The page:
The Prophet’s Smile – “Around Us But Not on Top of Us”

The Prophet’s Amusement at Allah’s Mercy

By Shaykh Amin Buxton


In this series, the Prophet’s Smile, we visit the moments where the Prophet smiled and laughed. We also discuss how he was described when smiling and laughing. By studying his characteristics, we gain insight into what he talked and thought about, and ultimately, the undeniable beauty of his character. By knowing more about him, we hope to increase our love and longing for him. We also hope to gain his love and pleasure, which cannot be separated from the love and pleasure of Allah Most High.

In this article, we discuss one particular incident where a bedouin requested for rain. His response to the abundance of rain made the prophet smile.

Anas narrates that a Bedouin man came to the Prophet (peace and blessing be upon him) while he was delivering the Friday sermon in Madinah and complained to him that there was a drought and their livestock was dying and their women and children were hungry. He then beseeched the Prophet to ask for rain. The Prophet raised his hands in supplication. At that point, there was not a cloud in the sky but as soon as he began to supplicate, clouds began to form and pile up like mountains and then it began to rain. Even before he had descended from the pulpit, the Prophet’s beard was dripping with rainwater. It continued to rain that day and the following day and the rain continued until the following Friday.

On that day, the Prophet was once again delivering his sermon on the pulpit when the same man returned (or another man – Anas could not be sure). “O Messenger of Allah,” he said, “our homes are falling apart and our livestock are drowning, so ask your Lord to make it stop!”

The Prophet smiled and raised his hands in supplication saying: “O Allah, around us but not on top of us, around us but not on top of us!” He pointed to the sky and signaled for the clouds to move and they began to clear until there was a circle of clear sky around Madinah while the rain continued to fall upon the areas around the city for another month.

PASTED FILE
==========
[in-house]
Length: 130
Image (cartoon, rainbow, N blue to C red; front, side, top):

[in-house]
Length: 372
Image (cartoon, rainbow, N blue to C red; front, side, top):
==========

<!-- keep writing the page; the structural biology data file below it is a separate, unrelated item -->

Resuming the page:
(Narrated by Bukhari and Muslim)

Life was not easy in the early community in Madinah which mostly relied on agriculture and livestock for its sustenance. The drought was a very serious threat to the survival of the people of the city. This Bedouin man came in a state of desperation. He was obviously feeling the effects of the drought hard as he tried to graze his animals in the area around Madinah. He was so desperate that he did not even wait for the Prophet to finish speaking, but interrupted his sermon and complained about the severity of the situation. The Prophet could have told him to sit down and wait but he responded immediately, knowing that the man was speaking not just for himself but for a whole community. Allah says of him: Your suffering distresses him: he is deeply concerned for you (Quran, 9:128).

The Prophet is Allah’s Beloved and when the Beloved asks, the One who loves him so much instantly responds. Within seconds rain started pouring down. Rain is symbolic of Allah’s mercy – when the one who was sent as a mercy to everything asks the All-Merciful for mercy, it duly pours down. In fact, it comes in such abundance day after day that people cannot handle it. And this was perhaps what brought a smile to the Prophet’s lips when the request came to stop the rain. It tells us something about human nature – as Allah says: man was created hasty (Quran, 21:37). We want something very badly and then we get it, we realize we want something else. Blessings can quickly turn into trials. The Prophet’s smile may also have been an expression of his wonder at his Lord’s bounty and generosity.

Here we witness not just one but two miracles, two acts of divine mercy – the immediate sending down of rain and then the immediate removal of that rain. It is noticeable that the Prophet did not ask for the rain to stop completely, but instead, he asked for it to be removed from the city of Madinah itself where the damage was being felt. He asked for the harm to be removed but the benefit to continue and this is what happened: the valleys around Madinah continued to receive plentiful rainfall for a month. There is a lesson in this that if we receive a blessing but it then becomes difficult, we should not ask for it to stop coming but we should ask for whatever detracts from that blessing to be removed. The scholars also teach us when we ask for something to ask for it accompanied with gentleness and wellbeing (lutf and afiyah).

We see time and time again that when the Companions were in difficulty or had needs great or small they would go to the Messenger. The Bedouin man could have asked Allah directly for rain but he knew that the Prophet was infinitely closer to Allah and his prayers would be answered. They understood the concept of an intermediary. They knew the status of the Prophet in Allah’s sight and they knew the Prophet was happy to play the role of an intermediary. And he did so with a smile.

May Allah give our beloved Prophet the highest of rewards on our behalf.